Angiotensin II May Enhance Bacterial Clearance in Clinical Sepsis

Matthew D. Taylor, MD, provides insight into the potential effects of angiotensin II on bacterial clearance and the systemic inflammatory response in clinical sepsis.
Angiotensin II was associated with enhanced bacterial clearance in a murine model of sepsis, suggesting it may augment immune responses in clinical sepsis.

Angiotensin II was found to be associated with an increase in the myeloid innate immune response during severe systemic infection, suggesting angiotensin II may improve immune responses in the setting of clinical sepsis. These study findings were published in PNAS.1

Researchers conducted a study to determine whether angiotensin II augments the immune response using a murine cecal ligation and puncture (CLP) model of sepsis, an animal model designed to demonstrate some features of sepsis in humans. To assess the effects of angiotensin II on the immune response to CLP, the researchers randomly assigned 4 cohorts of mice to 4 different treatments. These treatments included intraperitoneal angiotensin II alone, intraperitoneal angiotensin II plus losartan, subcutaneous angiotensin II, or vehicle.

Results showed that treatment with angiotensin II was associated with increased bacterial clearance from the blood and the peritoneal cavity, as well as a modified host immune response, following CLP. Of note, these effects were not observed among a subset of mice treated within norepinephrine.

Further analysis showed that the effects of angiotensin II treatment on bacteremia burden following CLP were negated by selective angiotensin type 1 receptor (AT1R) deletion in myeloid-lineage leukocytes. Similar results were observed when angiotensin II was co-administered with losartan, suggesting that the effects of angiotensin II on bacteremia burden are mediated via AT1R.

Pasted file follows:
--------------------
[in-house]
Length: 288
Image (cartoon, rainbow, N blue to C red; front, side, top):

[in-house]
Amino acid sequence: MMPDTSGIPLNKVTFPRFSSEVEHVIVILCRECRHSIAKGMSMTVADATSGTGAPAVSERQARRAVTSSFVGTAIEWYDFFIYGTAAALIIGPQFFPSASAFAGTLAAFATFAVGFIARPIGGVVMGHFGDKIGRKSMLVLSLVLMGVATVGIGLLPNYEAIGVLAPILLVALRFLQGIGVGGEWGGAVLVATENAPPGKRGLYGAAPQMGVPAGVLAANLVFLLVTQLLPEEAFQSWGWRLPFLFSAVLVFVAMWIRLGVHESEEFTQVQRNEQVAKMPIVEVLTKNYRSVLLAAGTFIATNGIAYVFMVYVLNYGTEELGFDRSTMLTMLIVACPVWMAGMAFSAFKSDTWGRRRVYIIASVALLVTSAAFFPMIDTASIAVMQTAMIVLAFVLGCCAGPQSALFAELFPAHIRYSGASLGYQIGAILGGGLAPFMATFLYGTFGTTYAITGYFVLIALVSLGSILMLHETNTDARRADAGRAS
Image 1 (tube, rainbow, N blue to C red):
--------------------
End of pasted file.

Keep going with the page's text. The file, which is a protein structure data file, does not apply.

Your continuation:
According to the researchers, “Early and effective source-control is a critical element of resuscitation for sepsis.” They also noted, “An effect of angiotensin-II to promote pathogen clearance could have broad clinical implications.”

Limitations include the short follow-up period, the use of a CLP murine model, and the extrapolation of rodent immunology to human disease.

“[T]hese findings suggest the immunomodulatory properties of angiotensin-II warrant further exploration in clinical sepsis,” the researchers concluded.

To elaborate on these findings, we spoke with Matthew D. Taylor, MD. Dr Taylor is an Instructor at the Institute of Molecular Medicine at the Feinstein Institutes, as well as an Assistant Professor of Pediatric Critical Care Medicine in the Pediatrics Division of Zucker School of Medicine at Hofstra University and Northwell Health.

Angiotensin II treatment led to a greater increase in bacterial clearance compared with norepinephrine, indicating its high value in the setting of clinical sepsis. Can you elaborate on the exact mechanism that allows this increase in bacterial clearance?

Dr Taylor: We found that angiotensin II increased white blood cell (specifically neutrophil and monocyte) trafficking toward the source of angiotensin II. In our model, where that source was in the peritoneum, those white blood cells were able to clear bacteria more quickly than that which occurred in the absence of angiotensin II. We do not believe norepinephrine has this effect. Angiotensin II also increases the ability of white blood cells to kill bacteria through phagocytosis.

If put into practice in human patients, are there any patient-specific risk factors or considerations clinicians should be aware of if angiotensin II treatment were to be administered to a patient undergoing septic shock?

Dr Taylor: It is too soon to say which patients might benefit from the immune effects of angiotensin II in sepsis. Importantly, angiotensin II is Food and Drug Administration (FDA)-approved to treat hypotension of the type that often accompanies sepsis. There are theoretical reasons as to why angiotensin II might be preferable to norepinephrine — the current first-line drug — that include but are not limited to its associated immune effects. Further studies that can identify patients who may benefit from angiotensin II are still needed.